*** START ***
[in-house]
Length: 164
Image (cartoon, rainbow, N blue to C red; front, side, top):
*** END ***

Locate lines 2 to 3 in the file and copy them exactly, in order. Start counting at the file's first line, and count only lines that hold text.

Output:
Length: 164
Image (cartoon, rainbow, N blue to C red; front, side, top):